If you think this is a duplicate, please have a look at the last paragraph.
In a regression model where both dependent ($Y$) and independent ($X$) variable are in natural logs, what is the exact interpretation of the coefficient of $X$?
Take the following simple model:
$\ln Y = \beta_0 + \beta_1 \ln X + \varepsilon$
I encountered two different rules for the interpretation:
- A $d\,\%$ increase in $X$ is associated with an $d\cdot\beta_1$ percent increase in $Y$. ("Elasticity Interpretation")
- A $d\,\%$ increase in $X$ is associated with an $\left(\exp (\beta_1 \cdot \ln a) -1\right)\cdot 100$ percent increase in $Y$, where $a = (100 + d)/100$.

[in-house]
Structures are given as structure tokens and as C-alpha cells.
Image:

To rule out that both interpretations are identical, plug in (for example) $d = 50$ and $\beta_1 = 2$:
- Result using rule 1: $Y$ increases by $50\cdot 2 = 100\,\%$.
- Result using rule 2: $Y$ increases by $\left( \exp (2 \cdot \ln 1.5) - 1 \right) \cdot 100 = 125\,\%$.
My guess is that the first interpretation is only approximately correct for small $d$ and $\beta_1$, but this is precisely the question: Which of the two rules is correct? (And why is the other one wrong?)
I am aware of this question, but please note that this is rather a follow-up question than a duplicate. I also know that there is that question which is very similar but unanswered. I considered improving the existing question, but there is a lot of (IMHO) superfluous information in the text that makes it unattractive to answer and I don't see how I could remove these parts without violating the original author's intent.